This paper is concerned with archaeological evidence for the mechanisms by which group memory is transmitted. How do natural places such as caves and rock shelters retain their status as foci for ritual activity? It draws upon recent social and archaeological theory around embodied memory; especially Connerton’s (1989) division of memory claims into three kinds. These are: personal memory claims; cognitive memory claims and habit-memory. It is argued that cognitive memory claims and habit-memory should be regarded as aspects of the same process of remembering: following Gell (1998) and Jones (2007) physical traces of past action are regarded as central to this act of memory. Three encounters with memory are analysed: managing memory around death; remembering how to do activities and formal ritual performances which reinforce group memories. It is argued that all three cases share some of the attributes of a formal ritual performance. An analysis of biographies of practice is proposed to draw out these links between small scale habit-memory and long term group memory.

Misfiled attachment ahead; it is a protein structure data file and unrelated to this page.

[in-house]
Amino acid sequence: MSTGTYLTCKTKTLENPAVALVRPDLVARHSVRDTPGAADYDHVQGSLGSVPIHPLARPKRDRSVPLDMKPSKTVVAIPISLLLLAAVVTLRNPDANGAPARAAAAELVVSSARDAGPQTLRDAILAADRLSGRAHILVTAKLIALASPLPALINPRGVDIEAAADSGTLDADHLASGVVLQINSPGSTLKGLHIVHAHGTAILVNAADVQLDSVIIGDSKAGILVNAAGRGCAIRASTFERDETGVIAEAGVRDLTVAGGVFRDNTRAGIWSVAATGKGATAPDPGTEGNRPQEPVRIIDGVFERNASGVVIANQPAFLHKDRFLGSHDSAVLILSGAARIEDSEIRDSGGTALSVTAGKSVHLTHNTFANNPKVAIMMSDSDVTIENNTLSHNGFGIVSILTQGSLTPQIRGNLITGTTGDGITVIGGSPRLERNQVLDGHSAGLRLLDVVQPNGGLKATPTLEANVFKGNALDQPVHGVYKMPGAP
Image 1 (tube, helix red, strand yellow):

Uncontrolled Keywords (separate with ;):
biographies of practice;